Church Park Historic District

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Church Park Historic District
Church Park, Downtown Goshen, NY.jpg
The spire of First Presbyterian Church dominates Goshen's skyline
Church Park Historic District is located in New York
Church Park Historic District
Location Goshen, NY
Nearest city Middletown
Coordinates 41°24′07″N 74°19′22″W / 41.40194°N 74.32278°W / 41.40194; -74.32278Coordinates: 41°24′07″N 74°19′22″W / 41.40194°N 74.32278°W / 41.40194; -74.32278
Area 1,020 acres (4 km²)
Built 18th-20th century
Architect Thornton Niven, Richard Upjohn, Calvert Vaux and N. Van Sickle
Architectural style Federal style, Greek Revival, Gothic Revival
Governing body Village and Orange County government, private churches and businesses
NRHP Reference # 80002735, 04000991
Added to NRHP 1980, expanded 2004

The Church Park Historic District is part of downtown Goshen, the seat of Orange County, New York, USA. It takes its name from the large triangular park formed at the center of the village by Main Street (NY 207), Park Place and South Church Street. It is defined as bounded by Green Street on the south, Main Street, Webster Avenue, and then back across Main at Erie Street across the Historic Track to Kelsey Lane, South Church Street, South Street and back to Green. There are 107 buildings and three objects within the district.

At the north end of the triangle are First Presbyterian Church, whose distinctive spire dominates the village's skyline, giving the district its name. It was first designated when added to the National Register of Historic Places in 1980 as bounded by Park, Main and Webster. In 2004 it was expanded to its current boundaries.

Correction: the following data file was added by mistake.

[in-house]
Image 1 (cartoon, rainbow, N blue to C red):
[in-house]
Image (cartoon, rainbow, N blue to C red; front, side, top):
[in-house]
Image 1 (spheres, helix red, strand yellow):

The village designated the area an Architectural Design District a few years after the district was added to the Register. This provides for review of design elements for any new construction within its boundaries to ensure that they conform to its historic character,[1] which stands as a stark contrast to the brutalist, Paul Rudolph-designed Orange County Government Center to the north of the district. Most of the properties within are either churches, county government buildings or professional offices, with residential uses taking up the side streets. There is some retail along the west side of Main Street near the southwestern corner of the district, where it abuts Goshen's main downtown shopping district.

Significant contributing properties[edit]

The district's 1,020 acres (4 km²) includes three contributing properties that are Registered Historic Places in their own right. Foremost among them is the Historic Track, a National Historic Landmark where harness racing has taken place since 1838, making it the oldest continuously operated horse racing facility in the U.S. In front of it, on Main Street near the north end of the district, is the Tudor Revival Harness Racing Museum & Hall of Fame. Facing the church from across Main is the county's 1841 courthouse, a magnificent Greek Revival structure designed by popular local architect Thornton Niven.

The Orange Blossoms monument

Just north of the church is Orange County's 1887 government building, and in the middle of the intersection of Main and Park is a Theo Alice Ruggles Kitson statue commemorating the "Orange Blossoms", a locally-raised regiment that fought with distinction in the Civil War. The Goshen United Methodist Church, almost as tall as its neighbor, adjoins the old courthouse.

At the corner of Park and South Church, another monument remembers the village's sacrifice during the Revolutionary War. A granite obelisk marks the mass grave of the local militiamen who died in the disastrous Battle of Minisink. It took 43 years for locals to make the trip to the battlesite and retrieve what bones they could.

Main Street to the north of the intersection is wide and lined with historic buildings on both sides. They include a house from which President Ulysses S. Grant watched the horse races in 1873 and the early 20th-century school building which now serves as main offices for the Goshen Central School District.

References[edit]

  1. ^ "Projects". Garling Associates. Retrieved 2007-07-26.